Tuesday, February 22, 2022

Standard Mandolin #13 “in the white”

The new Standard mandolin has gone through the setting up procedure and you can see it strung-up, in the white, below.

I’m very pleased with the way it plays and sounds. The next step is to strip it back down, a final sand, and apply the finish. I use an open pour shellac finish, which gives a very natural satin sheen to the instrument and, thankfully, doesn’t take the same amount of time as French polishing!


Friday, February 18, 2022

New Standard Mandolin (available soon!)

As you can see, the new Standard mandolin is almost done, the next step is to make the bridge, get it set-up and playing.
I’m very pleased with the mandolin so far. It has a simple, elegance which depends only its form and its materials rather than any unnecessary decoration, everything you see is pure mandolin.
The neck is made from figured maple with my usual carbon fibre inserts. The fretboard, from Brazilian rosewood, has simple circles acting as position markers and my favourite wide evo frets. One new feature that I am trying, is a slightly longer 360mm scale length (+8mm).  

The soundboard is made from Adirondack spruce with stiff Sitka bracing and the sound hole simply bound in black.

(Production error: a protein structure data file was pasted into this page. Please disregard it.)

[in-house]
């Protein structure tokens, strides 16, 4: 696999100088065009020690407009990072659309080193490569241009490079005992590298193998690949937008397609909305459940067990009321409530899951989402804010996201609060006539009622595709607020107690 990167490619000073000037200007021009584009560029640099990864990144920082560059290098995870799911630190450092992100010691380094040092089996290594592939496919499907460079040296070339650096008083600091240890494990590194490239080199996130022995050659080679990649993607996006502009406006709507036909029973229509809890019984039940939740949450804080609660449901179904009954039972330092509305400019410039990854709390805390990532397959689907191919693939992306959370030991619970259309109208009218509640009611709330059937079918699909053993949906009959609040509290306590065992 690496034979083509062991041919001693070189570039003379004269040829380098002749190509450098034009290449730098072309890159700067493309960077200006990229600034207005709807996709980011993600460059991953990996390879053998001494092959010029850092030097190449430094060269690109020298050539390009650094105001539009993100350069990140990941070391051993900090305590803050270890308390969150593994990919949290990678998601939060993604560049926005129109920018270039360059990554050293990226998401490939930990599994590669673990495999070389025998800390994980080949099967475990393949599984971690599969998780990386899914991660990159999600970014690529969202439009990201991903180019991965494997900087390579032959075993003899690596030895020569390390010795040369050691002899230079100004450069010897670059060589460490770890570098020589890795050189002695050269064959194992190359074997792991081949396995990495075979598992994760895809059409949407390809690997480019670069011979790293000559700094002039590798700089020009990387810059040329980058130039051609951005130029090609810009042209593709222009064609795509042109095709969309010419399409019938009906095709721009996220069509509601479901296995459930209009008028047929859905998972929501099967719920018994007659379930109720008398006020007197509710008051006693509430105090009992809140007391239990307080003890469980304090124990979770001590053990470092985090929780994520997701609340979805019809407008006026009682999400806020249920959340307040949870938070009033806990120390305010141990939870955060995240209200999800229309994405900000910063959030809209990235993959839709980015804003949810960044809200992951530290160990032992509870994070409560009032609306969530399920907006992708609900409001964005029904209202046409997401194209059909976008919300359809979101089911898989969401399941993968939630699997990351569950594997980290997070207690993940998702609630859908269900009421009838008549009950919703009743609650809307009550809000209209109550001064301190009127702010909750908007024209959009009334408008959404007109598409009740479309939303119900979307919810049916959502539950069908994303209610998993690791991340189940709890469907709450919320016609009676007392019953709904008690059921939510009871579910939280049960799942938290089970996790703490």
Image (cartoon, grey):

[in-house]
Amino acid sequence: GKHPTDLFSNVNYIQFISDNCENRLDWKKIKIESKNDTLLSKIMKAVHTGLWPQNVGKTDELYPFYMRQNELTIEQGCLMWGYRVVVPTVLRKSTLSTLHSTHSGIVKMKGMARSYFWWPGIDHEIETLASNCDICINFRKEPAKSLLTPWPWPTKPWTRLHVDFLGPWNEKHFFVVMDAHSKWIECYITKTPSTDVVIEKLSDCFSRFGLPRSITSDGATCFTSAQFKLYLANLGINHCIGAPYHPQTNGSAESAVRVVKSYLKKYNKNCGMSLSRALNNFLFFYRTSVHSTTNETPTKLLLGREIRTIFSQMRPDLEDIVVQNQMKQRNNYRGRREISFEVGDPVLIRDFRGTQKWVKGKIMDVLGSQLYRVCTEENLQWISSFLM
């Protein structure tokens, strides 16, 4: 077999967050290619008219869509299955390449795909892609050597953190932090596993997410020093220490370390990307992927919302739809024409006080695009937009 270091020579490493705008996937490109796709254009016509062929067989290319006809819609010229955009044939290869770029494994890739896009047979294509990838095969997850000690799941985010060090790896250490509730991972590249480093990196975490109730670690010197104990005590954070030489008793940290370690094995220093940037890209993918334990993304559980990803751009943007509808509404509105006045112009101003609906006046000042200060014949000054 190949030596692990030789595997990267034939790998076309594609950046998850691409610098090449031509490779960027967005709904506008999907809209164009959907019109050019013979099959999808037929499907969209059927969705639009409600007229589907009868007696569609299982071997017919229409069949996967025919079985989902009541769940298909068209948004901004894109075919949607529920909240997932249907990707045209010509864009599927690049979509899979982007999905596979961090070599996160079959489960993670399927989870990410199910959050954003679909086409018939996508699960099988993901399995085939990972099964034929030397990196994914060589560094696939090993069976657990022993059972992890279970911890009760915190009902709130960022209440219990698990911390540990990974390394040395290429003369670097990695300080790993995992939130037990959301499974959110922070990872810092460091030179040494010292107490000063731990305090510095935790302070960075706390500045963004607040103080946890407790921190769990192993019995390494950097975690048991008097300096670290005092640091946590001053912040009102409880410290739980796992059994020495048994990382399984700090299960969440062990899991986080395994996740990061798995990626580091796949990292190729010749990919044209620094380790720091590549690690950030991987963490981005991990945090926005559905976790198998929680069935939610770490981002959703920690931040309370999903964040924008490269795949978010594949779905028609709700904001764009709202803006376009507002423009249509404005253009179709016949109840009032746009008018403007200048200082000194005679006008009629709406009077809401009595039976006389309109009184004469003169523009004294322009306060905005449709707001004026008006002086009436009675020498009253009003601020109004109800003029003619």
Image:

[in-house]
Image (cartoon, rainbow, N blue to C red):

It should be complete in a month or so time and will be offered for sale via my web-site. If you wish to register an interest, contact details can be found on my website too.

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Tuesday, February 08, 2022

Standard Mandolin update

It always surprises me when I see an instrument unbound. The bindings serve the very real function of protecting the delicate edges of the soundboard and back, and to me, leaving them out is inconceivable. Obviously, it’s a stage which takes a fair bit of time, care and skill to carry out, but is essential to the longevity of the instrument.

You can see how the new Standard has been bound in Brazilian rosewood, which nicely complements the figured sapele.

As a bit of fun, I thought that I’d have a go at making its end-pin (also Brazilian rosewood).
You can see how I did it in this video.


Monday, February 07, 2022

Still Learning

A while back, I drilled an array of holes in my bench’s top to accommodate some Kreg bench dogs and various clamps. I thought that I should make more use of the holes, so I made myself these large wooden bench dogs.

As they rotate in their holes, I can use them to stop a mandolin’s body (for example) from moving around whilst I’m working on it. You can see what I mean in the photos of the new Standard mandolin below. 

As instruments are relatively fragile and an irregular shape, holding them firmly can be an issue. When I do tasks, such as cleaning up the binding, I use one hand to hold the mandolin firmly against the dogs and the other to hold a plane.

I recently bought this Rider apron plane and it fits perfectly in one hand. So, the new plane and bench dogs make life so much easier. And yet again I ask myself, “Why didn’t I think of that before!”

Something else that you’ll notice in some photos, is that I’ve started using cardboard between the bench and my work piece. In the past I’ve used various mats, but the card seems to work great at protecting the wood from being scuffed or damaged by the bench and unlike mats, it doesn’t harbour dust or chippings.